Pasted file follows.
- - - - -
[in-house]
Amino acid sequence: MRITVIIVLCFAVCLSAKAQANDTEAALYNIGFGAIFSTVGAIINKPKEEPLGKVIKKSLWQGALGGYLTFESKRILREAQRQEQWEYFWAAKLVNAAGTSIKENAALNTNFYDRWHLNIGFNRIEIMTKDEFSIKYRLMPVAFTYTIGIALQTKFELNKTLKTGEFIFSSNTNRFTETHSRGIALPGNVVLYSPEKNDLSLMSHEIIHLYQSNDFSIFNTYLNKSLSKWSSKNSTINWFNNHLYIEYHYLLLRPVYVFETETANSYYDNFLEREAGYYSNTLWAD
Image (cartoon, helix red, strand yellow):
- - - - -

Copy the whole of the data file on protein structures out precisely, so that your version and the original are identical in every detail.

[in-house]
Amino acid sequence: MRITVIIVLCFAVCLSAKAQANDTEAALYNIGFGAIFSTVGAIINKPKEEPLGKVIKKSLWQGALGGYLTFESKRILREAQRQEQWEYFWAAKLVNAAGTSIKENAALNTNFYDRWHLNIGFNRIEIMTKDEFSIKYRLMPVAFTYTIGIALQTKFELNKTLKTGEFIFSSNTNRFTETHSRGIALPGNVVLYSPEKNDLSLMSHEIIHLYQSNDFSIFNTYLNKSLSKWSSKNSTINWFNNHLYIEYHYLLLRPVYVFETETANSYYDNFLEREAGYYSNTLWAD
Image (cartoon, helix red, strand yellow):